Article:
When business slows down, you must get creative with your advertising sales strategies to re-engage your clientele. Seven lean ones have followed seven prosperous years since biblical times. Feathers today, a chicken tomorrow.
The lean years have finally arrived. (Here’s hoping they don’t last for another seven years…) It would be best if you made some deals you wouldn’t consider during the good times and that an inexperienced salesperson will never believe.
The BONUS or SERIES OF BONUSES is the first tactic savvy direct mail offers use. You can use this to boost your sales. Just how many extra points do we get? Marlon Saunders offers a training course with EIGHT extras to entice potential customers.
I agree. In addition to the product itself, he is offering EIGHT free bonuses if you decide to buy from him (which he has already spent a thousand words telling you about). Most of them contain valuable data. Nothing he bought was free.
You’ll find secrets in Bonuses 1, 4, 5, and 7. These are things you should know if you’re going to be taking his course. Third, you’ll get a FREE DEMO of someone else’s product as a BONUS. So, how do we steal these brilliant concepts? What ‘bonuses’ can we currently provide to excite our customers?
Who are the TOP AD CREATORS in the industry that you regularly recommend to your clients? You interact with each of them daily. Each of your clients uses different people.
Ad firms, freelancers, and independents constantly call you with copy, deadline questions, etc.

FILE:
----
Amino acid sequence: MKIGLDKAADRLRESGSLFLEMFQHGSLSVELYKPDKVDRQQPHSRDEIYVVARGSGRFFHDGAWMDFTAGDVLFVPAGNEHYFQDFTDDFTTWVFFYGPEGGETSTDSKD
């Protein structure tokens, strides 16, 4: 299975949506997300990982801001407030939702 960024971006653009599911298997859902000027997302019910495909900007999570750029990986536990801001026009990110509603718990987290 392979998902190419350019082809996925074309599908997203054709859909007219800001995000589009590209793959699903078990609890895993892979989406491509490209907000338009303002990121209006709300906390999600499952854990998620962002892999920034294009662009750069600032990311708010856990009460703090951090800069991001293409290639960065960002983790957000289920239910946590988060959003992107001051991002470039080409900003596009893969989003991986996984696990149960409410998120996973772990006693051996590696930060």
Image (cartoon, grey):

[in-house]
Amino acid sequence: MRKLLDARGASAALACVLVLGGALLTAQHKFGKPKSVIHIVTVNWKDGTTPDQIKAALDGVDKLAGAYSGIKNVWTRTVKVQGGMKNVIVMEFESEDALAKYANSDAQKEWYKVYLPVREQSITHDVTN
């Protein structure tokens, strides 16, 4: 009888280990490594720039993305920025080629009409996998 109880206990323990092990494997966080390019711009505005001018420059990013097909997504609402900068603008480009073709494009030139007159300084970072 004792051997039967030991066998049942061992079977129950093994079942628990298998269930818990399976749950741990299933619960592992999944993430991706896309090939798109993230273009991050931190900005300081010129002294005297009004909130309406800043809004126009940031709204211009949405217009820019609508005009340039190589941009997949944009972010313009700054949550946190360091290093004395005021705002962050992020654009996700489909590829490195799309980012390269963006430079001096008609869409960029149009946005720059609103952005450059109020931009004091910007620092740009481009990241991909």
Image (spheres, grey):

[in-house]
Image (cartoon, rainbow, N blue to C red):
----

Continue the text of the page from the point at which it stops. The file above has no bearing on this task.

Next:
Is there a top group? In what ways are people the worst? To whom would you refer your sibling? Create a unique selling proposition (USP) from your expertise that will entice customers to book with you rather than your competitors. [They have no idea how much you know.]
Compose three or four in-depth reports (each between six and ten pages long) on topics such as:
1. The ten most successful advertisements from the past three years in our publication, city, and industry.
Where to get your brochures printed, number two. Where to look, and six strategies for haggling with printers.
Thirdly, promoting with visual aids. Here are the four DEADLY sins that can put an end to your advertisement.
COMPLIMENTARY ADVICE Do you recall when Marlon provided a free demo of some competitor’s program?
Now, how many of your patrons would appreciate a no-cost, one-hour consultation with a highly skilled writer or artist? And how many graphic designers and copywriters do you know who are desperate for work?
If the copywriter agrees to meet with potential new clients for free, and if the client books an ad with you, you will benefit from a free consultation.
In the form of PDFs of freely available books on advertising.
If a client books an ad with you, you can offer them a copy of the Claude Hopkins classic “Scientific Advertising” as a gift on CD from our website, which they can copy as often as they like. Many other works on advertising are available in the “public domain” and could be copied and distributed.